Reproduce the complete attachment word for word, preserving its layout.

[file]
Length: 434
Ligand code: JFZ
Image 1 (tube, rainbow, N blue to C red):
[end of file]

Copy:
Length: 434
Ligand code: JFZ
Image 1 (tube, rainbow, N blue to C red):